First U.S. Atlantic Ocean Marine National Monument Is Safe Haven for Sharks, Whales, Corals, and Other Marine Life

In establishing the first U.S. marine national monument in the Atlantic Ocean, President Barack Obama is protecting an ocean area that harbors whales, puffins, 1,000-year-old corals, undersea mountains, and chasms deeper than the Grand Canyon. The designation of the Northeast Canyons and Seamounts Marine National Monument protects 4,913 square miles and begins about 150 miles…

U.S. Ocean Leadership: Getting from 1% to 30% Marine Protection

The U.S. Department of State is set to host the third annual Our Ocean conference this week. This gathering of political leaders, philanthropists, scientists, diplomats, NGO executives, filmmakers, and private sector leaders, will be focused on the themes of marine protected areas, climate change, sustainable fisheries, and marine pollution. Many of us in the ocean…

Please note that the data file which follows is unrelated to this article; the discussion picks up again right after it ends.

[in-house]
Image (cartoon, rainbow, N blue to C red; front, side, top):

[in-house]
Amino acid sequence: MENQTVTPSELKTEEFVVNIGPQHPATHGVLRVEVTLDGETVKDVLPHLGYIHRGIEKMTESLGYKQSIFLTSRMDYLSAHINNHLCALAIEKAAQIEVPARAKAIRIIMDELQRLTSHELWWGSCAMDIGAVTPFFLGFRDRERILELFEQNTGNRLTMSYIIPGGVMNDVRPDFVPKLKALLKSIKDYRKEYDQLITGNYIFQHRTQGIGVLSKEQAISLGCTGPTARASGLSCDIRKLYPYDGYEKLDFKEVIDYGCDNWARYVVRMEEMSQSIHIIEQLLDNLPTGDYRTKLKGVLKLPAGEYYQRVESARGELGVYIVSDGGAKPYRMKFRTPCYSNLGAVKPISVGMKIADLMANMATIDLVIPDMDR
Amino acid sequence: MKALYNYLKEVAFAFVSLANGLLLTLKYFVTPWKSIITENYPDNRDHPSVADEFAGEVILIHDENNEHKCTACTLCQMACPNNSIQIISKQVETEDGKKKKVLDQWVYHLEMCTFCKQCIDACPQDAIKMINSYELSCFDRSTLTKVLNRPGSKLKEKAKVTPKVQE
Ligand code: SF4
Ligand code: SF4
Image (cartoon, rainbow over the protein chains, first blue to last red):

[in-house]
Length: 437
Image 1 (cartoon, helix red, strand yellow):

As salmon dwindle, whales die

Experts say it’s time to focus on fish for the sake of orca survival in the Pacific Northwest.

Hope Spot Nominations Are Open To The Public!

Citizens of the Blue Planet Have Spoken: 14 New Places in the Ocean, Vetted by IUCN and Mission Blue, Will Now Serve as a Flashpoint to Ignite Global Support for Marine Protection Over the past year, citizens and organizations across the planet have nominated marine environments especially deserving of protection – known as Hope Spots…

Catastrophic Declines in Earth’s Wilderness Areas Over the Last 20 Years, Study Finds

Researchers reporting in the journal Current Biology show catastrophic declines in wilderness areas around the world over the last 20 years, the Wildlife Conservation Society (WCS) said today.

“They demonstrate alarming losses comprising a tenth of global wilderness since the 1990s – an area twice the size of Alaska and half the size of the Amazon. The Amazon and Central Africa have been hardest hit,” the New York-based WCS added in a statement released at the IUCN World Conservation Congress in Hawaii.